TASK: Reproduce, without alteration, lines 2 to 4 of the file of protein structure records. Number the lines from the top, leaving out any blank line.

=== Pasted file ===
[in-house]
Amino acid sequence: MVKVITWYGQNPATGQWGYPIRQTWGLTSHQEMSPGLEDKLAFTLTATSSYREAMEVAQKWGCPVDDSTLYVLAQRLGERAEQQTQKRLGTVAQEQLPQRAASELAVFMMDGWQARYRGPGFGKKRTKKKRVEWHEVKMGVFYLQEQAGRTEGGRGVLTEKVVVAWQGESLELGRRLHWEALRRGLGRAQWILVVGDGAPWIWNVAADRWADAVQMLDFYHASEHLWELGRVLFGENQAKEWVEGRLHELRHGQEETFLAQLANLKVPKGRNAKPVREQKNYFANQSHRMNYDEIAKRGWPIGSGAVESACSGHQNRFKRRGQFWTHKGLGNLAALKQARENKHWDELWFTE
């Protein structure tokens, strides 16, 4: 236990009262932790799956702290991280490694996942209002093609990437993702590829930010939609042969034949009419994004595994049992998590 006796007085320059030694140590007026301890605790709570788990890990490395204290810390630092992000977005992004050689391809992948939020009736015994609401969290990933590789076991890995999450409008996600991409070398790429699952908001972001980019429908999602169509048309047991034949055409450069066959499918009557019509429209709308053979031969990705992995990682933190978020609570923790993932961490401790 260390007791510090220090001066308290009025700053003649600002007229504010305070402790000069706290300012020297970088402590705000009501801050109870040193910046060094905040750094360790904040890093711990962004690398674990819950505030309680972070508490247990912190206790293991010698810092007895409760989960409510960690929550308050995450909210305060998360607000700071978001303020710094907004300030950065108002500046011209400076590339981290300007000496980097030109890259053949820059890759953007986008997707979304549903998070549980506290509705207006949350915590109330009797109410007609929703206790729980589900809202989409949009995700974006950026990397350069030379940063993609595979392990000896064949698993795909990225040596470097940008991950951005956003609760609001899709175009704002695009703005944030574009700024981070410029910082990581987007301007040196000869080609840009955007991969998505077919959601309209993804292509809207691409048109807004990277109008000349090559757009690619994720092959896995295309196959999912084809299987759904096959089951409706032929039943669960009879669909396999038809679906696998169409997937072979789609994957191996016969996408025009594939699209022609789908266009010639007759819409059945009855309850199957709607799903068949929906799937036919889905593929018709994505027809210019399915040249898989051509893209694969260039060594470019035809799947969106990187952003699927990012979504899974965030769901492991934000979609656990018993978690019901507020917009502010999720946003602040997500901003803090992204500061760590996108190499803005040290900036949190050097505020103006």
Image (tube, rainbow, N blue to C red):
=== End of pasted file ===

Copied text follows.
Amino acid sequence: MVKVITWYGQNPATGQWGYPIRQTWGLTSHQEMSPGLEDKLAFTLTATSSYREAMEVAQKWGCPVDDSTLYVLAQRLGERAEQQTQKRLGTVAQEQLPQRAASELAVFMMDGWQARYRGPGFGKKRTKKKRVEWHEVKMGVFYLQEQAGRTEGGRGVLTEKVVVAWQGESLELGRRLHWEALRRGLGRAQWILVVGDGAPWIWNVAADRWADAVQMLDFYHASEHLWELGRVLFGENQAKEWVEGRLHELRHGQEETFLAQLANLKVPKGRNAKPVREQKNYFANQSHRMNYDEIAKRGWPIGSGAVESACSGHQNRFKRRGQFWTHKGLGNLAALKQARENKHWDELWFTE
């Protein structure tokens, strides 16, 4: 236990009262932790799956702290991280490694996942209002093609990437993702590829930010939609042969034949009419994004595994049992998590 006796007085320059030694140590007026301890605790709570788990890990490395204290810390630092992000977005992004050689391809992948939020009736015994609401969290990933590789076991890995999450409008996600991409070398790429699952908001972001980019429908999602169509048309047991034949055409450069066959499918009557019509429209709308053979031969990705992995990682933190978020609570923790993932961490401790 260390007791510090220090001066308290009025700053003649600002007229504010305070402790000069706290300012020297970088402590705000009501801050109870040193910046060094905040750094360790904040890093711990962004690398674990819950505030309680972070508490247990912190206790293991010698810092007895409760989960409510960690929550308050995450909210305060998360607000700071978001303020710094907004300030950065108002500046011209400076590339981290300007000496980097030109890259053949820059890759953007986008997707979304549903998070549980506290509705207006949350915590109330009797109410007609929703206790729980589900809202989409949009995700974006950026990397350069030379940063993609595979392990000896064949698993795909990225040596470097940008991950951005956003609760609001899709175009704002695009703005944030574009700024981070410029910082990581987007301007040196000869080609840009955007991969998505077919959601309209993804292509809207691409048109807004990277109008000349090559757009690619994720092959896995295309196959999912084809299987759904096959089951409706032929039943669960009879669909396999038809679906696998169409997937072979789609994957191996016969996408025009594939699209022609789908266009010639007759819409059945009855309850199957709607799903068949929906799937036919889905593929018709994505027809210019399915040249898989051509893209694969260039060594470019035809799947969106990187952003699927990012979504899974965030769901492991934000979609656990018993978690019901507020917009502010999720946003602040997500901003803090992204500061760590996108190499803005040290900036949190050097505020103006």
Image (tube, rainbow, N blue to C red):